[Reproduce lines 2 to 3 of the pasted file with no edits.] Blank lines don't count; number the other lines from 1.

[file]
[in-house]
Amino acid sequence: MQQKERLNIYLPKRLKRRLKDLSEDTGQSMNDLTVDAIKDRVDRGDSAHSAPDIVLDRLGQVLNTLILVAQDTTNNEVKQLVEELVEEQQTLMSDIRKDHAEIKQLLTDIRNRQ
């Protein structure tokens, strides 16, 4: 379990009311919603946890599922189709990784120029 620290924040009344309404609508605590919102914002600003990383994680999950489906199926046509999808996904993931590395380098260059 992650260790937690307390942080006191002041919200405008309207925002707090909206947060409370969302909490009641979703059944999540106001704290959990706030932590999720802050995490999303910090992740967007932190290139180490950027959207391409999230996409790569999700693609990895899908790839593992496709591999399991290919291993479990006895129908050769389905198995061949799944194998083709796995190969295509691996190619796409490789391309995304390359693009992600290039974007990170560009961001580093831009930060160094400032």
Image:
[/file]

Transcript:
Amino acid sequence: MQQKERLNIYLPKRLKRRLKDLSEDTGQSMNDLTVDAIKDRVDRGDSAHSAPDIVLDRLGQVLNTLILVAQDTTNNEVKQLVEELVEEQQTLMSDIRKDHAEIKQLLTDIRNRQ
């Protein structure tokens, strides 16, 4: 379990009311919603946890599922189709990784120029 620290924040009344309404609508605590919102914002600003990383994680999950489906199926046509999808996904993931590395380098260059 992650260790937690307390942080006191002041919200405008309207925002707090909206947060409370969302909490009641979703059944999540106001704290959990706030932590999720802050995490999303910090992740967007932190290139180490950027959207391409999230996409790569999700693609990895899908790839593992496709591999399991290919291993479990006895129908050769389905198995061949799944194998083709796995190969295509691996190619796409490789391309995304390359693009992600290039974007990170560009961001580093831009930060160094400032």